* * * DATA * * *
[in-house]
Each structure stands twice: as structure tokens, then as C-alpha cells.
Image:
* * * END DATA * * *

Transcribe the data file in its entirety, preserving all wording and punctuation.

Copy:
[in-house]
Each structure stands twice: as structure tokens, then as C-alpha cells.
Image: